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No Surnames? No Problem! Researching Indigenous Ancestors in Mexico

Compared to the rest of Mexico, research in Nuevo Leon can be relatively easy. However, records in some of its towns and cities have some unique characteristics that could keep you from finding your ancestors. This session covers a few very specific research strategies for towns like Cadereyta, and Marin.

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Probate Where There's A Will or Not

The Probate process took place to find heirs and creditors, whether there was a will (testate) or not (intestate). Various records may be found in probate files, including wills, bonds, petitions, accounts, inventories, administrations, orders, decrees, and distributions. These documents are valuable to genealogists and should not be neglected.

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Using Computer Programs to Manage Your Family Tree

If you are still managing your family tree with pen and paper and or another system to manage it then this presentation is perfect for you. Learn first hand how software can make you more efficient and help you find ancestors faster.

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Extra! Extra! Find Your Family in the Newspaper!

If you only think about obituaries when you think of newspapers for genealogy, you may be missing out! We take a look at the types of information we can find about our family in the paper and then learn where to find it – online and offline.

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Your 19th & 20th Century Mexican Ancestors in the U.S.

A new border, new laws, a violent revolution, two world wars, and changing economic and political conditions significantly impacted your Mexican ancestors who came to or were born in the United States after the mid-19th century.

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Major Archives and Libraries for Texas Genealogy Research

There are some impressive collections of Texas historical records, documents, and images available at a number of locations in Texas. There continue to be projects to organize, index and digitize these materials to make them easier to locate and use. More of these resources are available online than ever.

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Are Ancestry's ThruLines True Lines?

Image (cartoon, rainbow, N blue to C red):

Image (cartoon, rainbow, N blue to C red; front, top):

In this presentation you will learn how to evaluate and use information in Ancestry's Thrulines tool to further your genealogical research.

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Location, Location, Location: Land Records Matter

This presentation provides context for the value of land records in genealogical research, as well as the historical background of land acquisition and distribution in the United States. Woven throughout the presentation are examples of land records and repositories helpful to research in the U.S.

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Tracing Immigrant Roots

Before we can research an immigrant ancestor we need to know their town of origin. The answer often lies in records created in the U.S. Learn which records can help you discover your immigrant ancestor’s origins.

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Researching your Hispanic Caribbean Roots

Our focus will be online genealogy resources for researching the Hispanic Caribbean islands of Puerto Rico, Cuba, and the Dominican Republic (originally Hispaniola). We will explore websites, databases, and collections available in digital libraries, local archives and genealogical associations, as well as useful social media for connecting with fellow researchers.

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Stuck in Nuevo Leon? ‐ Local Research Strategies

A prevailing myth when researching ancestors in Mexico who belonged to an indigenous group is that there is no documentation available, or that it can't be done. Indigenous books are usually well preserved; there are a few challenges (like no surnames) but those ancestors can be found.

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